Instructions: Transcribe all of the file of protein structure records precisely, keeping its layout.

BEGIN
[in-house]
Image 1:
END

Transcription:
[in-house]
Image 1: